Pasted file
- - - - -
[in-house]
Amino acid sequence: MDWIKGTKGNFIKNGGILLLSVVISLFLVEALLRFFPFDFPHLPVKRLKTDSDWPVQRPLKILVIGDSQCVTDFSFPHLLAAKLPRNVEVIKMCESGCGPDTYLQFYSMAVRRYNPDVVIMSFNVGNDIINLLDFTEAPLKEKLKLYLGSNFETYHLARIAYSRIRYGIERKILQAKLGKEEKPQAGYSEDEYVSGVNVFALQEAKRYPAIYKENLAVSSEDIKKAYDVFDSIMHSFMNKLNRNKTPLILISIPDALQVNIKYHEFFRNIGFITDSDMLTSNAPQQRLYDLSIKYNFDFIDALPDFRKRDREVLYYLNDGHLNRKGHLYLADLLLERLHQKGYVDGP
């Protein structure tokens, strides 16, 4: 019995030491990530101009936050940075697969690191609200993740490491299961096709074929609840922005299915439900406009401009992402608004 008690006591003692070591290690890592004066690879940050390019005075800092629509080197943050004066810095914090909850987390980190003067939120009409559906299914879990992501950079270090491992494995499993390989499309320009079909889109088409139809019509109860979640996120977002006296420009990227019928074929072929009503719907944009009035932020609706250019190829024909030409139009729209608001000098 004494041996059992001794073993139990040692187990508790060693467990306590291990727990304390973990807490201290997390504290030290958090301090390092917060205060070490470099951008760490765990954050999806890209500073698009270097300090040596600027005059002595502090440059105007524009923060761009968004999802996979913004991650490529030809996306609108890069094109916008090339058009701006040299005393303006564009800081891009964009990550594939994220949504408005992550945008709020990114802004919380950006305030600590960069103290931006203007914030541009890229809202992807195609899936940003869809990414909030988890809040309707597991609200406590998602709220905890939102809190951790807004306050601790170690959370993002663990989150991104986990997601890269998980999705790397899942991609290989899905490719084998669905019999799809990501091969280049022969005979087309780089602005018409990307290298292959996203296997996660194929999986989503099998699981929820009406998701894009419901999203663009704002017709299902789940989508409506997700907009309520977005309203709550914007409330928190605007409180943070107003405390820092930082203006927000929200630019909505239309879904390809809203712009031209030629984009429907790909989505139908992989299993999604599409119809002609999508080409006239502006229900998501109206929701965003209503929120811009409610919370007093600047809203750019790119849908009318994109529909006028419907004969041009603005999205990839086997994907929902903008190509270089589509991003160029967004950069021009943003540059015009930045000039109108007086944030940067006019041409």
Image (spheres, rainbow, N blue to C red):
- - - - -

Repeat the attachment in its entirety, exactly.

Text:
[in-house]
Amino acid sequence: MDWIKGTKGNFIKNGGILLLSVVISLFLVEALLRFFPFDFPHLPVKRLKTDSDWPVQRPLKILVIGDSQCVTDFSFPHLLAAKLPRNVEVIKMCESGCGPDTYLQFYSMAVRRYNPDVVIMSFNVGNDIINLLDFTEAPLKEKLKLYLGSNFETYHLARIAYSRIRYGIERKILQAKLGKEEKPQAGYSEDEYVSGVNVFALQEAKRYPAIYKENLAVSSEDIKKAYDVFDSIMHSFMNKLNRNKTPLILISIPDALQVNIKYHEFFRNIGFITDSDMLTSNAPQQRLYDLSIKYNFDFIDALPDFRKRDREVLYYLNDGHLNRKGHLYLADLLLERLHQKGYVDGP
């Protein structure tokens, strides 16, 4: 019995030491990530101009936050940075697969690191609200993740490491299961096709074929609840922005299915439900406009401009992402608004 008690006591003692070591290690890592004066690879940050390019005075800092629509080197943050004066810095914090909850987390980190003067939120009409559906299914879990992501950079270090491992494995499993390989499309320009079909889109088409139809019509109860979640996120977002006296420009990227019928074929072929009503719907944009009035932020609706250019190829024909030409139009729209608001000098 004494041996059992001794073993139990040692187990508790060693467990306590291990727990304390973990807490201290997390504290030290958090301090390092917060205060070490470099951008760490765990954050999806890209500073698009270097300090040596600027005059002595502090440059105007524009923060761009968004999802996979913004991650490529030809996306609108890069094109916008090339058009701006040299005393303006564009800081891009964009990550594939994220949504408005992550945008709020990114802004919380950006305030600590960069103290931006203007914030541009890229809202992807195609899936940003869809990414909030988890809040309707597991609200406590998602709220905890939102809190951790807004306050601790170690959370993002663990989150991104986990997601890269998980999705790397899942991609290989899905490719084998669905019999799809990501091969280049022969005979087309780089602005018409990307290298292959996203296997996660194929999986989503099998699981929820009406998701894009419901999203663009704002017709299902789940989508409506997700907009309520977005309203709550914007409330928190605007409180943070107003405390820092930082203006927000929200630019909505239309879904390809809203712009031209030629984009429907790909989505139908992989299993999604599409119809002609999508080409006239502006229900998501109206929701965003209503929120811009409610919370007093600047809203750019790119849908009318994109529909006028419907004969041009603005999205990839086997994907929902903008190509270089589509991003160029967004950069021009943003540059015009930045000039109108007086944030940067006019041409």
Image (spheres, rainbow, N blue to C red):